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Obama Won't Win By A Landslide, But He Might Not Have To

Megan McArdle argues that Obama won't see a Reaganesque turnaround in the economy or his political fortunes.  That is probably true but that doesn't mean Republicans have a clear path to winning in 2012.  2012 won't be some Democratic version of 1984.  The economy almost certainly won't be growing as fast as it was in 193-1984.  Obama hasn't shown Reagan's ability to lop off large chunks of voters from the other party's coalition.  Obama's strengths were his ability to win large margins (and get large turnouts) among voters from Democratic-leaning groups and make gains among upper income and higher educated whites who were not reliable voters for either coalition.  That is a good place to start from, but not the stuff of 49 state sweeps.

2012 also won't be 1996.  This recession was worse that the early 90s recession and the unemployment rate  won't be in the 5s when Obama is running for reelection.  Obama also won't go as far to the center as Clinton.  I don't know what the current equivalent of Welfare Reform would be, but I don't see Obama signing a major piece of rightish policy change. 

The problem is that Obama doesn't have to win a reelection landslide in order shift the country to the left in an enduring way.  Obama's administration is in a consolidationist phase.  He has already passed a law that puts the country on the glide path to government-run medicine.  Obamacare will raise premiums while making middle-class Americans more dependent on government subsidies, guaranteed issue and community rating just to make health care coverage affordable.  The likely result of the problems Obamacare creates is a more government-run system that transitions to government price controls and the replacement of the health insurers with a single-payer system.  He only has to hang on and let the dynamics play out.  If even one of the five non-liberal (or rather nonconsistently liberal) Supreme Court Justices retire we can expect a transformational liberal majority on the Supreme Court.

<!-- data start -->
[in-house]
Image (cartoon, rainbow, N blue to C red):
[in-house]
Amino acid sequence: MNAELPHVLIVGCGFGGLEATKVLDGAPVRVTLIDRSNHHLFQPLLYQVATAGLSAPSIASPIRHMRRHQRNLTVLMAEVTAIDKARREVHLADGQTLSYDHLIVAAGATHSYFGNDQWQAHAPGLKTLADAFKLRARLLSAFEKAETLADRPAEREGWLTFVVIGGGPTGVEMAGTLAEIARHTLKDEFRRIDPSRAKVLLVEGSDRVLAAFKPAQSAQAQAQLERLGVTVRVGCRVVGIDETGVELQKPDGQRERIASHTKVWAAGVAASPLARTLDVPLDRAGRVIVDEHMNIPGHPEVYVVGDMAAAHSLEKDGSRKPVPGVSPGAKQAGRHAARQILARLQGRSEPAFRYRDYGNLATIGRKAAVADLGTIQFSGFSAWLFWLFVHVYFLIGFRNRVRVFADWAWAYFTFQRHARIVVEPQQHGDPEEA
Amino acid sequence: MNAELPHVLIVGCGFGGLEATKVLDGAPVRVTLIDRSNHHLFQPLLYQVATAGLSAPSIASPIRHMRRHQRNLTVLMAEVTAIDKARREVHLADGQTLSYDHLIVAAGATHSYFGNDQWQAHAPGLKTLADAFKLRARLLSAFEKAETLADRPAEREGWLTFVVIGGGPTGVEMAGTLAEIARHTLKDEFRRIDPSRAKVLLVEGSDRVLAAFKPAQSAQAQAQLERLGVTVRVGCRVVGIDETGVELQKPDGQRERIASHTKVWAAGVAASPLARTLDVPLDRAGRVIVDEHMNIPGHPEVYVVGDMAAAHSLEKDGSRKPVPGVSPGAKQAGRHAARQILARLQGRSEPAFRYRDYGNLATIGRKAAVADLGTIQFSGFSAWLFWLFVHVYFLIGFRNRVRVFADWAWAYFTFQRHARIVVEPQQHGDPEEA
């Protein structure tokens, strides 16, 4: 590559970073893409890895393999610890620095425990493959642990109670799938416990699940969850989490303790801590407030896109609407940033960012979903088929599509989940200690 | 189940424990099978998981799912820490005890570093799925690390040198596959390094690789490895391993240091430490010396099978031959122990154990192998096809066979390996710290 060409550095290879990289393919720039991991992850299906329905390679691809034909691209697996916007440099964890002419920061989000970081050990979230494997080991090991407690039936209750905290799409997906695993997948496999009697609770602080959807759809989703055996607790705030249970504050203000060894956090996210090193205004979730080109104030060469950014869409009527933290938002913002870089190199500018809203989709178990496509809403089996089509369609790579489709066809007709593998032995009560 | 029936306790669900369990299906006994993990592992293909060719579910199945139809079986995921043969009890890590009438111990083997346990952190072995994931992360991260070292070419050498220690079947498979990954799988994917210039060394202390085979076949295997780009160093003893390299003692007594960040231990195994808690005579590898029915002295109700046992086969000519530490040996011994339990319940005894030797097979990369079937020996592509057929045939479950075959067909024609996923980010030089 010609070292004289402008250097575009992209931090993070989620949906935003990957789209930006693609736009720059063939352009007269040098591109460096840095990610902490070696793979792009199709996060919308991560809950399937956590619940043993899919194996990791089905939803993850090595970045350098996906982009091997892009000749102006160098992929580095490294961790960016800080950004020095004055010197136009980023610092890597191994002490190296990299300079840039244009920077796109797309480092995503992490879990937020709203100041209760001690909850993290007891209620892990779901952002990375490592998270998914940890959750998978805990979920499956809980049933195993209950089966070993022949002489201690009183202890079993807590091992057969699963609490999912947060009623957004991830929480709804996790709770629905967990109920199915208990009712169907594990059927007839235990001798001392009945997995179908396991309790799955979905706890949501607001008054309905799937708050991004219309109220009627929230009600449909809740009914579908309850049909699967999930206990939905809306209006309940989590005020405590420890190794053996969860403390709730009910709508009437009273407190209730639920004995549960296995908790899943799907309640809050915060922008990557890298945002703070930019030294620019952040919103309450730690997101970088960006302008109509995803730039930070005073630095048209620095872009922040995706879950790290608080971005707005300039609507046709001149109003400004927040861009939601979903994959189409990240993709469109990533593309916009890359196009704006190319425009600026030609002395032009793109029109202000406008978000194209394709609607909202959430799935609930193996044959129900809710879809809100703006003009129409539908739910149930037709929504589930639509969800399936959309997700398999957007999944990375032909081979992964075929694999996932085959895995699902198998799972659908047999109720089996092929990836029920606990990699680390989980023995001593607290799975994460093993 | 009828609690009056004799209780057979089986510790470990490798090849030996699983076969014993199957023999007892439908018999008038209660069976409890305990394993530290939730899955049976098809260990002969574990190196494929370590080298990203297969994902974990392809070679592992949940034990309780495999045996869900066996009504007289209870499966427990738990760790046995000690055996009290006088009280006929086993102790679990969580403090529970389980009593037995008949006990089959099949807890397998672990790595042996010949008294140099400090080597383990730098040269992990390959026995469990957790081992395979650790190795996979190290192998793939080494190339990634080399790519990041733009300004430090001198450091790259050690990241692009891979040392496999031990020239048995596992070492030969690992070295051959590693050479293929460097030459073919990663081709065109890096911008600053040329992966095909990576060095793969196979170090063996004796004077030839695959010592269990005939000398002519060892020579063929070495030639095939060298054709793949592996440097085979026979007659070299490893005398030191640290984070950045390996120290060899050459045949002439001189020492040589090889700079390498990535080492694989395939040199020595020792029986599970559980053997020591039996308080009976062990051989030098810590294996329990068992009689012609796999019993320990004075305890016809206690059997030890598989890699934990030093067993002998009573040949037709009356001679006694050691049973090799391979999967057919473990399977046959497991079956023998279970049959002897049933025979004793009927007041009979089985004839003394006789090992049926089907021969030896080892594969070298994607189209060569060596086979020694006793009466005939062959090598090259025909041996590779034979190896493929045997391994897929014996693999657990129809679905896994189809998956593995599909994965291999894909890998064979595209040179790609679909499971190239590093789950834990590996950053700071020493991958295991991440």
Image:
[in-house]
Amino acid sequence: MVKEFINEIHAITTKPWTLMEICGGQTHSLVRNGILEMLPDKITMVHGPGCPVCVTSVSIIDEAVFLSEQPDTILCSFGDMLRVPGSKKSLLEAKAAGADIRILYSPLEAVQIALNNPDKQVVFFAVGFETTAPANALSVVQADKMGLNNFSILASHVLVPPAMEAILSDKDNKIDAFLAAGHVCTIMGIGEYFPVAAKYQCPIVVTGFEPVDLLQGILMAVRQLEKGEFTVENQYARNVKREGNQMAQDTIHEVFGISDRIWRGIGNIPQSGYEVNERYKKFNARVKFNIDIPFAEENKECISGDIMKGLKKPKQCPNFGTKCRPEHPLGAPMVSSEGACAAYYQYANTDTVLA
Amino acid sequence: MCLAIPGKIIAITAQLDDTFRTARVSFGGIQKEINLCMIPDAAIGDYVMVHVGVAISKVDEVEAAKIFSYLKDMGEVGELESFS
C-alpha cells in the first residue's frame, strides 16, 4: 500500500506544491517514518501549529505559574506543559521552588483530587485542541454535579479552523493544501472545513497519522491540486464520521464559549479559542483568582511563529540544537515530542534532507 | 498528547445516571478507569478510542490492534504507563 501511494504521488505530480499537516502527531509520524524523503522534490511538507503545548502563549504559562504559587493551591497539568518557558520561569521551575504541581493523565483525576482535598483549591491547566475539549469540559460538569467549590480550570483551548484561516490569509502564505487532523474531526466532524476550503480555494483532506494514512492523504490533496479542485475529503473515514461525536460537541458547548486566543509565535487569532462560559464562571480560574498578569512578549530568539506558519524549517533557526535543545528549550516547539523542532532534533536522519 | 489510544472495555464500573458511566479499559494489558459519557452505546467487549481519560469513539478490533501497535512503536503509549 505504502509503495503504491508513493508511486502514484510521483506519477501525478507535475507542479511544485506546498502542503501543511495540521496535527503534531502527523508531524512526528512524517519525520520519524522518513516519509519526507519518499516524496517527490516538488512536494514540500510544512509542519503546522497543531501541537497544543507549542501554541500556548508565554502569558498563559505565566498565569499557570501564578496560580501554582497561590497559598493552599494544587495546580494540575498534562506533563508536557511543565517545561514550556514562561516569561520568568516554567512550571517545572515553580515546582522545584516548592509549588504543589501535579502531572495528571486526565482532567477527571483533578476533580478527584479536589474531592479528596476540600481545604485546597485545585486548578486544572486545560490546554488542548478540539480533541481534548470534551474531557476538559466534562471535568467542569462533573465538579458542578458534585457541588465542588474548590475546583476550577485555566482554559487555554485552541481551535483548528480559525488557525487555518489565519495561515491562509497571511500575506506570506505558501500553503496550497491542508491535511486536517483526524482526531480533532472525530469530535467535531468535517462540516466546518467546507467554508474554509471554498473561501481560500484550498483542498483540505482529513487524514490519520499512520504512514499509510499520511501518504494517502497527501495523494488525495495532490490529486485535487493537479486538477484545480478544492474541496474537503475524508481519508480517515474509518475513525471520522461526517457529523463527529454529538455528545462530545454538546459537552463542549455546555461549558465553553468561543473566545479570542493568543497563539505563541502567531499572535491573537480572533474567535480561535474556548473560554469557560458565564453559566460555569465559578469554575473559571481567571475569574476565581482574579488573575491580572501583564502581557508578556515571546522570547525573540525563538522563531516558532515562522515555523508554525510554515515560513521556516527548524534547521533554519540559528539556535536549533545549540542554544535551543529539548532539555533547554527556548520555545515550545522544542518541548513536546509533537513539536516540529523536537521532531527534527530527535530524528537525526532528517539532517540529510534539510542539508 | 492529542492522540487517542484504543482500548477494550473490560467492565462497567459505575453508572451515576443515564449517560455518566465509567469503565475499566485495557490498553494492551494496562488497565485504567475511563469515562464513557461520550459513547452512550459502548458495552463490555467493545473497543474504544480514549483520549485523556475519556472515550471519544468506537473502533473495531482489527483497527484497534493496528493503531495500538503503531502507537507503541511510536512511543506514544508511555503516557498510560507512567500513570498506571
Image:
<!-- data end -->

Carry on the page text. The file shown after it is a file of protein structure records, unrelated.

If the labor market of 2012 is the same one we have now, Obama's skills won't matter and the Republicans would have a tough time losing the election.  But there is another potential scenario where Obama's chances are uncertain, but much better.  Imagine the economy is growing slowly.  The unemployment rate is in the 7s but falling very, very slowly.  Obama and his media allies have been assailing the congressional Republicans as Medicare and Social Security cutters - shades of 1995.  It doesn't help that this is a plausible interpretation of the Ryan Roadmap.  Even if congressional Republicans don't sign up for the Roadmap, it is hard to see how a Republican majority in the House can seriously cut into the deficit without cutting entitlements or defense or raising taxes.  It is probably possible but who trusts John Boehner to either come up with the right plan or find an effective way to defend it?  The ensuing arguments could do the GOP enormous damage.  Obama will be able to plausibly argue that his spending program averted a depression and put the country back on the road to recovery.  It doesn't have to be true.  It only has top seem true to some wavering voters.   As Peter Lawler says, when the answer isn't obvious, spin matters alot.  No amount of spin ("recovery summer") is going to help when the unemployment rate is 9.5%.  A slightly better labor market puts the economic discussion back in the spin zone and I'm not ready to bet against Obama in a spin contest.  This isn't even getting into Obama's demonstrated skill at crafting an enormously well funded GOTV and media operation in a year when the turnout model will be more favorable to Democrats.

None of this means that Republicans are doomed under this scenario.  They would need a good candidate, a good media message and a good GOTV operation.  Basically the opposite of the McCain campaign.  They will also need some answers on economic growth and getting the deficit under control that offer tangible benefits to the middle and aspiring working-classes without terrifying them (as most talk of entitlement cuts and market-oriented health care reform have a tendency to do.)  This will be incredibly complicated (as Paul Ryan will be the first to tell you), and the stakes are huge.  If Obama wins reelection and retains enough Democrats in congress to uphold his vetoes, Obama will be on the way to being a far more significant (from the liberal perspective) President than Clinton, even if he wins reelection by a much smaller margin.